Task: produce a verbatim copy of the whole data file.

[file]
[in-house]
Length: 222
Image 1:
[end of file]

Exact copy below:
[in-house]
Length: 222
Image 1: